The William Beaumont Army Medical Center in El Paso, Texas, is designed for resiliency under evidence-based design principles.

Photograph by Dan Schwalm, HDR

Over the past decade, man-made and natural events have emphasized the need for greater resiliency in individual facilities as well as more resilient buildings overall. This is especially true in the world of health care facilities. However, this term is not always well understood or correctly applied.

Resiliency is broadly applied by the architecture profession, causing it to take on many meanings across a wide array of planning and design solutions. If the design community is to progress and improve hospital resilience, it must coalesce around a clear concept of resiliency in the context of health care design and identify its key domains.

Having a clear concept for resiliency is especially critical for military defense, where expectations for continued service are higher and the range of threats broader. While this may pose a challenge to many public and private health organizations as a first-time consideration, one of the more impressive aspects of the Military Health System (MHS) is that it has tackled the concept of robust and resilient hospitals at least for the better part of a decade. 

This is not to undercut other efforts in health care design resiliency, but to underscore that resiliency has been at the core of the MHS’ ethos for many years, fundamentally to serve as the last line of defense in life preservation during all types of disasters, including natural, chemical, biological or war-related. 

The Department of Defense (DOD) recognized a need for resilience in its core infrastructure and attempted to define the components of building resiliency in 2009 when it adopted the “four Rs” of resiliency as part of its Whole Building Design Guide (WBDG). The four Rs were adapted from the National Association of Insurance Commissioners’ resilience research, which characterized resiliency by robustness, resourcefulness, rapid recovery and redundancy.

The application of the four Rs is intended to be broad and to cover many types of buildings and civil infrastructure. This makes interpreting its application to the hospital setting challenging and leaves health care facility designers without a clear roadmap. Despite these hurdles, the four Rs formed the foundation of a 10-year pursuit to build the MHS’ first fully robust and resilient hospital under the WBDG, the William Beaumont Army Medical Center (WBAMC).

Resilient military campus

Opened in 2021, the current WBAMC in El Paso, Texas, is the largest military medical facility in the Western Region Medical Command and the boldest and most sophisticated health project undertaken by the DOD.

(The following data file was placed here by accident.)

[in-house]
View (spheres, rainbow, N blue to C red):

Designed for resiliency under evidence-based design principles, the world-class medical center’s core mission is to provide care for active-duty military and their eligible family members as a state-of-the-art Level II trauma center.

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WBAMC was designed under the WBDG’s resiliency parameters to withstand mass casualty events of all kinds and to provide patient containment as needed, while also being able to maintain and expand medical capacity in response to sudden increases in patient demand. 

The 1,130,000-square-foot medical center forms a campus within a 260-acre site, located in the Chihuahuan desert near the West Texas city of El Paso. Embracing desert conditions and a barren ecosystem where architectural context is absent, the project is integrated into the environment’s rich natural surroundings: the distinctive hillock vegetation and the Franklin Mountains. The exterior expressions are drawn from these cultural sources and other climatic and functional considerations.

The campus is comprised of five main buildings, five supporting buildings and one helipad. The design has flexible and adaptable components, featuring solutions that solve for both long-term resiliency and emergent responses. 

Applying the four Rs

The DOD adopted the four Rs as part of the WBDG in 2009, which coincided with the early design phases of WBAMC. This left the design team at a distinct disadvantage but also provided an unprecedented opportunity to pioneer the deployment of the four Rs in the health care setting. 

The team’s interpretation of the four Rs was to focus on how the building could enhance or protect critical operations in the face of a disaster or threat. 

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The following critical outcomes were used to bind the four Rs together in an application-learning-refinement cycle of resilience planning: First, safety of inhabitants is achieved through “robustness and resourcefulness.” Preparedness for a rapid influx of patients is accomplished via “resourcefulness and rapid recovery.” Continuity of service for existing and new acute patients (meaning, the system is flexible enough to avoid being overwhelmed) is reached through “rapid recovery and redundancy,” and, finally, recovery and learning is realized after “redundancy” and feeds back into “robustness.” 

Thus, the four Rs apply to the WBAMC project in the following ways:

Robustness. This supports the entire continuum of care from inception to end of life, ensuring holistic patient care and environmental protection within the medical center with full in-house services and infrastructure redundancy. WBAMC siting brings a purposeful geometric order to this barren desert site. 

The north-south alignment of the building components are arranged to shelter the outdoor spaces from the desert’s strong westerly winds and violent sandstorms. The facades protect the narrowly proportioned courtyards from the high desert sun angles. A planned 15-degree rotation between buildings aligns the main circulation spine parallel to the historically significant Butterfield Trail.